Country music has a long and rich tradition of cornball jokes calculated to make audiences laugh and groan at the same time, and few if any acts mined this vein with greater results than Homer & Jethro. No one would ever accuse Homer & Jethro of having a subtle or sophisticated sense of humor, but their twangy parodies of various country and pop hits (and equally goofy original novelty numbers) revealed a genuine gift for prodding the funny bone, and it certainly didn't hurt that Kenneth "Jethro" Burns and Henry "Homer" Haynes had the good sense to make themselves the butt of their own joke more often than not. Even more importantly, they were both top-notch instrumentalists, and those who chose to listen past the gags were treated to some superb picking, especially from Burns, who later would show off his chops on a series of fine recordings with David Grisman. While most of Homer & Jethro's many albums for RCA Victor were frustratingly hit-and-miss, America's Song Butchers: The Weird World of Homer & Jethro is a superb compilation which pulls together 20 tunes which represent the duo at the top of their form, including their best-known hits (such as "Baby, It's Cold Outside," featuring June Carter, and "The Battle of Kookammonga") and a few choice obscurities (a silly but beautifully played version of "Misty," and a dead-on parody of the Beatles' "I Wanna Hold Your Hand"). Funnier than the entire series run of Hee Haw, and featuring nearly as much good music, America's Song Butchers is easily the best introduction to the clown princes of Nashville. A word of warning: don't play this around small children, or they'll be subjecting you to their favorite cuts on a regular basis for days on end.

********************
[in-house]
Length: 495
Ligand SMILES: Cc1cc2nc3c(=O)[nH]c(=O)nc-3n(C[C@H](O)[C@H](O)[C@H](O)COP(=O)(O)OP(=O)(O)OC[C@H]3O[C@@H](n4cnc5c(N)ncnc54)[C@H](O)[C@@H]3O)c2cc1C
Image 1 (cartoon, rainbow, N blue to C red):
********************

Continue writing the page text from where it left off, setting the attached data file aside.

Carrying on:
America's Song Butchers: The Weird World of Homer & Jethro Review
by Mark Deming